Some of those robots still have “IS Robotics” branding on them, which was the name of the company that Rod Brooks (and his students Colin Angle and Helen Greiner) founded in 1990. It wasn’t called “iRobot” until 2000. IT, in particular, was still part of Brooks’ lab at MIT in the mid-1990s, and was featured on a 1996 episode of “Scientific American Frontiers” which I just found on YouTube. There’s also a clip of Marc Raibert from 1987!

And just a little more of the best stuff from the museum:

[ iRobot ]

The ANYexo 2.0 is our latest prototype based on around two decades of research at the Sensory-Motor Systems Lab and Robotic Systems Lab of ETH Zürich. This video shows uncommented impressions of the main features of ANYexo 2.0 and its performance in range of motion, speed, strength, haptic transparency, and human-robot attachment system.

[ ETH Zurich ]

Here are four of the finalists of this year’s KUKA Innovation Award.

[ KUKA ]

How soft should a robot foot be, anyway?

[ GVLab ]

At ANYbotics, we constantly release exciting new software features and payloads to our customers. The December 2022 update introduces major product developments that make it easier for operators to operate ANYmal, monitor gas leakages, perform high-precision reality capture, attain more insight from thermal measurements, and cover wider areas through new mobility features.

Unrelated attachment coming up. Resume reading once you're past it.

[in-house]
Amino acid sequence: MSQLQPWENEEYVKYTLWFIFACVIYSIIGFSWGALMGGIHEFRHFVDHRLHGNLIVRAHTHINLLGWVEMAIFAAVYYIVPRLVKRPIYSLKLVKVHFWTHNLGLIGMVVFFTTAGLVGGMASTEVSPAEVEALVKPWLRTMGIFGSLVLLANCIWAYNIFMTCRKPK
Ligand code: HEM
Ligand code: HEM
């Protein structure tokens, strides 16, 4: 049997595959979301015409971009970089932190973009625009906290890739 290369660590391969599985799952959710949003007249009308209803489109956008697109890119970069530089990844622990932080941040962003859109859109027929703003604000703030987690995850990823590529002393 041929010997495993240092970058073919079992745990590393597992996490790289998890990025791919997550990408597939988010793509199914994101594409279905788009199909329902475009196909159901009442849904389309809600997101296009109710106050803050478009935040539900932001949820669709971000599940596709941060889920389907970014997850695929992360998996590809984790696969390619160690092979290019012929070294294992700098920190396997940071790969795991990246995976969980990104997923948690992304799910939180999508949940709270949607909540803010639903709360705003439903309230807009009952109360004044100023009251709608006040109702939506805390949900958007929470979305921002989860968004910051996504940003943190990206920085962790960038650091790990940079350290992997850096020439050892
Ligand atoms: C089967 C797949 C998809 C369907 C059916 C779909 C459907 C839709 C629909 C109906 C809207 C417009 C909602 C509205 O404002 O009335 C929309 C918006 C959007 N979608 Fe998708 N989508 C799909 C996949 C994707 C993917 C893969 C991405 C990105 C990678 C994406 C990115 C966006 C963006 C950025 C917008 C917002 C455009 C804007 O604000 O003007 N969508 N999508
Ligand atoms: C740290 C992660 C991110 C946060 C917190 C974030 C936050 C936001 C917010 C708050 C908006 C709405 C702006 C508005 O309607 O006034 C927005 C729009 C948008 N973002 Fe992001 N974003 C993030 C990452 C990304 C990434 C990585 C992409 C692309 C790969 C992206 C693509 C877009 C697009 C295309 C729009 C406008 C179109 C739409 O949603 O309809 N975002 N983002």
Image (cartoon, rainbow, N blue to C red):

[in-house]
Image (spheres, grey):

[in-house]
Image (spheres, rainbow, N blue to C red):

[ ANYbotics ]

Take a tour through our new ABB Robotics mega factory in Shanghai, China and see how we’re bringing the physical and digital worlds together for faster, more resilient and more efficient manufacturing and research.

[ ABB ]

On December 1, 2022, alum UMD Zhen Zeng of JP Morgan AI Research talked to Robotics students as a speaker in the Undergraduate Robotics Pathways & Careers Speaker Series, which aims to answer the question: “What can I do with a robotics degree?”

[ UMich ]

This talk is from Nitin Sanket at WPI, on “AI-Powered Robotic Bees: A Journey Into The Mind And Body!”

The human fascination to mimic ultra-efficient living beings like insects and birds has led to the rise of small autonomous robots. Smaller robots are safer, more agile and are task-distributable as swarms. One might wonder, why do we not have small robots deployed in the wild today? I will present how the world’s first prototype of a RoboBeeHive was built using this philosophy. Finally, I will conclude with a recent theory called Novel Perception that utilizes the statistics of motion fields to tackle various class of problems from navigation and interaction. This method has the potential to be the go-to mathematical formulation for tackling the class of motion-field-based problems in robotics.

[ UPenn ]

When Xiaomi announced its CyberOne humanoid robot a couple of months back, it wasn’t entirely clear what the company was actually going to do with the robot. Our guess was that rather than pretending that CyberOne was going to have some sort of practical purpose, Xiaomi would use it as a way of exploring possibilities with technology that may have useful applications elsewhere, but there were no explicit suggestions that there would be any actual research to come out of it. In a nice surprise, Xiaomi roboticists have taught the robot to do something that is, if not exactly useful, at least loud: to play the drums.